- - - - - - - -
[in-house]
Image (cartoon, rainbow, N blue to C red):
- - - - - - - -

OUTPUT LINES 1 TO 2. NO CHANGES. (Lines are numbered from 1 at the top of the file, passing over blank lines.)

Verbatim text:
[in-house]
Image (cartoon, rainbow, N blue to C red):